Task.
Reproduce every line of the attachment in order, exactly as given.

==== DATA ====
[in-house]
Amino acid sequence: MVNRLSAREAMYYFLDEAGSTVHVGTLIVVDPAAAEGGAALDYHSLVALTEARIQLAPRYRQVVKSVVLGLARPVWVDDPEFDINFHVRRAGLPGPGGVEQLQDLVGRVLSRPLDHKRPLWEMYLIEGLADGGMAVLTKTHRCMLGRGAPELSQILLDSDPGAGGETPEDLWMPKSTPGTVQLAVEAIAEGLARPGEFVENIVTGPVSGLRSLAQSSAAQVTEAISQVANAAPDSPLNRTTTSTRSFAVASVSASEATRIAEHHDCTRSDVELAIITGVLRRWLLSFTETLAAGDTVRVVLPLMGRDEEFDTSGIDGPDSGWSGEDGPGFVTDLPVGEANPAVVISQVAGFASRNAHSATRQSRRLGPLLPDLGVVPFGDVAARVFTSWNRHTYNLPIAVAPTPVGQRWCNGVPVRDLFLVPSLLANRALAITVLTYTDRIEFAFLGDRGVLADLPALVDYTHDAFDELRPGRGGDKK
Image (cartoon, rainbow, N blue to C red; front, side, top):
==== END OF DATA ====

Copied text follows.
[in-house]
Amino acid sequence: MVNRLSAREAMYYFLDEAGSTVHVGTLIVVDPAAAEGGAALDYHSLVALTEARIQLAPRYRQVVKSVVLGLARPVWVDDPEFDINFHVRRAGLPGPGGVEQLQDLVGRVLSRPLDHKRPLWEMYLIEGLADGGMAVLTKTHRCMLGRGAPELSQILLDSDPGAGGETPEDLWMPKSTPGTVQLAVEAIAEGLARPGEFVENIVTGPVSGLRSLAQSSAAQVTEAISQVANAAPDSPLNRTTTSTRSFAVASVSASEATRIAEHHDCTRSDVELAIITGVLRRWLLSFTETLAAGDTVRVVLPLMGRDEEFDTSGIDGPDSGWSGEDGPGFVTDLPVGEANPAVVISQVAGFASRNAHSATRQSRRLGPLLPDLGVVPFGDVAARVFTSWNRHTYNLPIAVAPTPVGQRWCNGVPVRDLFLVPSLLANRALAITVLTYTDRIEFAFLGDRGVLADLPALVDYTHDAFDELRPGRGGDKK
Image (cartoon, rainbow, N blue to C red; front, side, top):